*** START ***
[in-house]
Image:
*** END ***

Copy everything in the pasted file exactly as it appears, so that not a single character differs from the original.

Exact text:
[in-house]
Image: